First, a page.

The Irish Economy
Commentary, information, and intelligent discourse about the Irish economy
Odd result: Ireland has succeeded in persuading the EU to determine potential growth on an annual basis and the resulting increase has given the Minister around €1bn more than envisaged for the 2016 Budget although the projected decline in the structural deficit is only 0.4% and hence in breach of the SGP.
Another point is that Finance have projected unchanged nominal current spending out to 2020 and a substantial improvement in the structural deficit. Whatever government is in power from 2016 will continue to face significant fiscal constraints.
More figures out today confirming that the Celtic Tiger is back.
Retail sales in March up 9.2% in volume y-o-y.
Number of overseas tourists to Ireland in Q1 up over 14% y-o-y.
Average house prices up 0.9% in March, bringing the y-o-y increase to 16.2%, the highest to date since the recovery in house prices began in 2013. It appears that far too much significance was given to the fall in house prices in January and February. The figures are not seasonally-adjusted and house prices are normally weak in January and February. The fall this year was less than that last year. No evidence yet that the Central Bank restrictions on borrowing are having any effect.
Looking ahead: expect another sharp fall in the live register tomorrow, bringing the unemployment rate well below 10%.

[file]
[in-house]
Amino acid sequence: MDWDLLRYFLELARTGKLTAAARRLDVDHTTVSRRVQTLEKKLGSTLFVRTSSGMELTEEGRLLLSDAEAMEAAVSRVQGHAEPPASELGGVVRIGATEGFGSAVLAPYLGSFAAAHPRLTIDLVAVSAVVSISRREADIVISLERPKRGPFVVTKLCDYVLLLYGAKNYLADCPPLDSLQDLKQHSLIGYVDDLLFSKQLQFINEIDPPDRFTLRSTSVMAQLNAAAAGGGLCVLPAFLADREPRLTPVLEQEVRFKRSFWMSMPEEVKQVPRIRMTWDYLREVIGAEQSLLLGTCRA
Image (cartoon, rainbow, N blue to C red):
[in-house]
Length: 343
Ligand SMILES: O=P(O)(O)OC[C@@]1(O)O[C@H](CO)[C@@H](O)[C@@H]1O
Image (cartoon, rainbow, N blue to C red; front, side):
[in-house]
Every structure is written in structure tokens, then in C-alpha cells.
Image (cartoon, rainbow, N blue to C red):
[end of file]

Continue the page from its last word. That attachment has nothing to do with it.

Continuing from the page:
A bit of a damp squib, as evidenced by lack of comment here.
‘No return to boom & bust’, except that dangling tax cuts while continuing to underinvest is straight out of the FF playbook.
May pull off the feat of leading to a bust without ever enjoying a genuine boom beforehand.
Form today’s Irish Times:
Alan McQuaid from Merrion Stockbrokers noted the 16.8 per cent year-on-year rise was the largest annual increase since the height of the property boom, suggesting there is still life left in the current housing market rally.
“It does now look as though the monthly declines in house prices in the first two months of 2015 were weather related, with the lack of supply the key driver of prices,” he said.
“Although the tighter lending restrictions imposed by the Central Bank and the end of the Capital Gain Tax property purchase incentive scheme may weigh negatively to some degree, it appears that house price growth may be stronger in 2015 than we previously envisaged.”
The Commission and the Council gave in to France on the EDP. Both instititions are keen to preserve Ireland’s “austerity poster-boy” status – and to keep Ireland fully onside while bashing the Greek government. They’ll turn turn a blind to a fraction of a percent up or down.